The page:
Why would you sell the euro at 1.12 for a 1.04 target?

ECB chief Mario Draghi has publicly stated that the ECB Governing Council would ‘reconsider’ monetary policy at its March conclave.
ECB chief Mario Draghi has publicly stated that the ECB Governing Council would 'reconsider' monetary policy at its March conclave.

I believe the fall in the US dollar in the past week and the oil short covering rally will not last. This is a classic opportunity to short the euro at 1.12 and the Canadian dollar at 1.3680. Despite the mediocre 0.7 per cent rise in fourth-quarter GDP, US growth prospects trump (no pun intended after Iowa!) the growth prospects of either Canada or the EU.



By Matein Khalid

Published: Sun 7 Feb 2016, 11:00 PM

Last updated: Mon 8 Feb 2016, 8:00 AM

Yes, last week was the time to finally buy sterling as cable rose from 1.42 to 1.46. Brent crude prices surged eight per cent to $35 on Wednesday as rumours about a Saudi-Russian output deal circulated in the world oil market. This oil rally, in turn, led to a rise in the Canadian dollar to 1.3680 and the euro to 1.12 as Planet Forex scrambled to sell US dollars. Yet I doubt if the Brent rally will last since Iran is determined to increase its post-sanctions oil exports to at least one MBD and Saudi Arabia is not willing to concede its China market share to Iran or Iraq. US crude oil inventories, 350 million barrels in early 2015, have risen to 500 million barrels now, the highest February level in the history of the post-war energy market.
I believe the fall in the US dollar in the past week and the oil short covering rally will not last. This is a classic opportunity to short the euro at 1.12 and the Canadian dollar at 1.3680. Despite the mediocre 0.7 per cent rise in fourth-quarter GDP, US growth prospects trump (no pun intended after Iowa!) the growth prospects of either Canada or the EU. While I doubt if the Federal Reserve will raise the Fed Funds rates in the March FOMC after the Bank of Japan shock easing, a June rate hike is still possible. I cannot own euros at a time when Dr Draghi has publicly stated that the ECB Governing Council would review and "reconsider" monetary policy at its March conclave.
This means the ECB's negative-0.3 per cent deposit rate will fall to negative-0.4 per cent, as the plunge in two-year German Bund yields suggest. The message from the ECB at a time of deflation risk, a growth slump and political risk (migrants, terrorism, Spain, Greece, Brexit, Merkel) is crystal clear. Short the euro at 1.12 for a 1.06 target. The Chicago futures markets is still short euro ($17.3 billion net short, CFTC data). The recent bid in the euro was only because January's selling waves in the global equity and speculative credit markets was financed by short Euro positions. As leveraged hedged funds slashed market exposure and leveraged positions, they squared euro shorts that triggered a short covering euro bid in the market.
Yet ECB policy, inflation data, relative growth, interest rate spreads and politics still convince me that the euro is a short at 1.12. Europe is China's largest trading partner and the big chill from the Middle Kingdom as history's biggest credit bubble explodes will not compensate for $30 Brent or an ultra-dovish ECB. The EU's growth prospects are fragile, held back by rigid labour/pensions markets, unviable welfare states, near bankrupt banking systems, the refugee crisis, xenophobia (and anti-euro) right wing parties, a secular slump in exports to China/emerging markets all heighten deflation risk at a time when Dr Draghi does not remotely meet the ECB's inflation mandate.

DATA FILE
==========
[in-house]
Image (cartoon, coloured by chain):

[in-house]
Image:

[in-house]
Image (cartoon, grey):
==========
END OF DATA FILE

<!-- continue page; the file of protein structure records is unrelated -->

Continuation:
Even the hard money zealots of the Bundesbank have succumbed to Dr Draghi's "whatever it takes" monetary mantra. So the game's afoot and the die is cast. Let me not lose another opportunity to expose myself to public ridicule if I am wrong (though adoring e-mails and offers of dinner at Zuma if I am right!). I believe the ECB will cut its deposit rate to minus-0.4 per cent and increase its monthly bond purchase, a de facto "shock and awe" monetary ease, at its March policy meeting. So I take advantage of the current euro strength to short the single currency at 1.12 for a 1.04 strategic target sometime this summer.
I had recommended a long Canadian dollar trade at 1.46 for a 1.38 target since I thought the loonie had overshot even its mediocre fundamentals in January. The oil price rise was only the icing on the cake for the macro loonie idea. Yet fiscal stimulus form Ottowa rules out another Poloz rate cut. Though oil/mining capex will devastate Alberta and the Prairie states, services, construction and consumer credit in Ontario, Quebec and the Atlantic provinces enable Canada to deliver one per cent GDP growth. Hopefully, the loonie J-curve will boost auto component/manufacturing exports to Gringolandia south of the border.
In retrospect, the 13 per cent plunge in the loonie against the US dollar since October alone was a license to print money. At 1.47, the loonie was grossly oversold relative to its valuation metrics. Trend is only your friend until it comes to an end. The risk reward calculus suggests long Canada against the Japanese yen at 85 for a mid-summer 93 target.
Researched and compiled by Matein Khalid. Mr Khalid is a global equities strategist and fund manager. He can be contacted at: matein@emirates.net.ae


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